Dare to Care

create, communicate, collaborate, and think critically

28/Jul/2017
by Denise Krebs
5 Comments

Digital Citizenship

This week’s #EdublogsClub Prompt #28 is about Digital Citizenship. We read this article on Nine Elements of Digital Citizenship based on the book Digital Citizenship in Schools by Mike Ribble and Gerald Bailey, published on the webpage DigitalCitizenship.net

The nine elements of Digital Citizenship:

  • digital access
  • digital commerce
  • digital communication
  • digital literacy
  • digital etiquette
  • digital law
  • digital rights & responsibilities
  • digital health & wellness
  • digital security (self-protection)

The article is worth reading and mentioned aspects I had yet to think of as being part of digital citizenship, such as access, commerce, law and even health and wellness. Certainly all important aspects of digital citizenship.

For 20 years now, my students in a variety of grade levels (K-8 since the late 90s) have had digital access. Together we have learned about respecting fellow students’ digital file folders when they weren’t password protected, how to share six laptops for 25 students, managed a digital environment with MacBooks for all, and, of course, the never-ending learning curve of navigating the Internet.  In the past and where I spend most of my time as teacher is on Ribble and Bailey’s elements of digital etiquette, literacy, and communication.

Teaching and modeling etiquette in many areas of life are important, I believe, and one of those areas is teaching digital good manners. We can’t let up or leave it to chance learning. It has to be taught explicitly.

Here is a Prezi I made with my junior high students in 2011. I believe it still has a lot of truth about Netiquette (or Internet Etiquette). It was inspired by this online summary of the book Netiquette by Virginia Shea, which is well worth the read.

We spend time on digital literacy and communication in class. My grade 5 students can do a lot already, but I try to take them to a more advanced level of responsible usage. For instance, we learn to use Creative Commons images instead of the ubiquitous Google search and snatch method. They learn to post photos and videos on their digital portfolio to share with their parents. They learn to create and edit Google documents while they write novels. And more.

In addition to etiquette, literacy and communication, there is another important element of digital literacy I model and teach. It is that of digital production. I attempt to inspire my students to be more than consumers. When they are with me, they produce–online publishing, forming connections with world-wide audiences, and adding their voice to make the Internet a better, warmer, friendlier place than it could be without them.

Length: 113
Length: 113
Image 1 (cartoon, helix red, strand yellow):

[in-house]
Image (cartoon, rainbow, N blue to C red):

Used with permission from Krissy Venosdale, digital producer extraordinaire.

What do you think?
Is digital production another element of digital citizenship?
Are there other elements not mentioned?

21/Feb/2011
by Denise Krebs
5 Comments

21st Century Digital Citizenship

We are in the 21st century, and there are some new skills we must learn to be good citizens.

iPhone by William Hook
Attribution-ShareAlike License

Internet etiquette, or netiquette, is important for all ages, but as teachers we are in a unique position to teach digital citizenship, copyright laws in an age of plagiarism, and protection of our digital footprint.

Inspiration for my Netiquette rules is Virginia Shea in her Netiquette book, available online by Albion.

Literary cat by SuziJane
Attribution-ShareAlike License

With my class, I need to work on my Comment Guidelines, so I have taken inspiration from two exceptional class blogs. I’m hoping to use these guidelines this semester while my students and I gain experience in commenting enough to write our own. The teachers and students at Huzzah! and Scattergood Biology have some excellent commenting guidelines. Thank you for allowing us to learn and grow from your good work.

Since we have such a large job curating all the information about new digital literacy, I’m including several links in a Diigo List of Internet Safety and Acceptable Use and another list on Copyright.

We have a big job becoming 21st century digital learners ourselves. We have an even bigger job teaching our students to be responsible, safe, and effective digital citizens. Let’s help each other, shall we?

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